National Sports Policy Looks at Unlocking the Potential of Philanthropic Funding
This morning (July 19th), the Department of Transport, Tourism and Sport released 33 identified actions of the National Sports Policy to implement between 2020 – 2022. In particular, Action Points 30 & 31 focus on reforming sporting bodies’ tax structure.
2into3 welcomes details within the draft action plan that outline a review and possible amendment of the charitable tax code to include sport as a charitable object. This could encourage incentives to donors to give to sport, culminating in a more sustainable funding model for sporting bodies. At the same time, the charitable code in Ireland needs reform. This week, the Community Foundation and Philanthropy Ireland highlighted that the current tax situation is not working effectively to encourage large scale giving in Ireland and is not as attractive when compared other international markets.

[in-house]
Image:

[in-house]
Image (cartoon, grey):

Sport’s potential to unlock funding supports through philanthropy remains largely untapped. However, there are exceptions to this statement. Recently, Irish Sailing opened a new High Performance HQ in Dun Laoghaire, which was entirely funded through philanthropic support. This highlights the potential to use philanthropy to provide new opportunities and support for sport.
While tax change and capacity building are needed to fully unlock the potential of philanthropy and sport, 2into3 believes that the considerations of the Sports Leadership Group are a welcome and potentially seismic first step.